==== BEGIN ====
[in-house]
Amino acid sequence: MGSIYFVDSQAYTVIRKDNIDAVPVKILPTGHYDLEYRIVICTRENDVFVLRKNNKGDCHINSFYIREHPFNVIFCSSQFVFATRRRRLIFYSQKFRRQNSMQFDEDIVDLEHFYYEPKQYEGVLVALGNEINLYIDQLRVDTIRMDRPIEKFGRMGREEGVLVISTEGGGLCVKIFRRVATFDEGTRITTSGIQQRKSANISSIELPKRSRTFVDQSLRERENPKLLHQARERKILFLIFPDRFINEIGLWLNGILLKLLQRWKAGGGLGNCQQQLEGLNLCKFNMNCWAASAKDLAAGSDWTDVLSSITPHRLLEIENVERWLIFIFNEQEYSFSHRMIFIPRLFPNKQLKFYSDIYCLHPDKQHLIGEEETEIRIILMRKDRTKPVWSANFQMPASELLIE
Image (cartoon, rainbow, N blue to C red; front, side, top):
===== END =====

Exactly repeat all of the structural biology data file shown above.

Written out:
[in-house]
Amino acid sequence: MGSIYFVDSQAYTVIRKDNIDAVPVKILPTGHYDLEYRIVICTRENDVFVLRKNNKGDCHINSFYIREHPFNVIFCSSQFVFATRRRRLIFYSQKFRRQNSMQFDEDIVDLEHFYYEPKQYEGVLVALGNEINLYIDQLRVDTIRMDRPIEKFGRMGREEGVLVISTEGGGLCVKIFRRVATFDEGTRITTSGIQQRKSANISSIELPKRSRTFVDQSLRERENPKLLHQARERKILFLIFPDRFINEIGLWLNGILLKLLQRWKAGGGLGNCQQQLEGLNLCKFNMNCWAASAKDLAAGSDWTDVLSSITPHRLLEIENVERWLIFIFNEQEYSFSHRMIFIPRLFPNKQLKFYSDIYCLHPDKQHLIGEEETEIRIILMRKDRTKPVWSANFQMPASELLIE
Image (cartoon, rainbow, N blue to C red; front, side, top):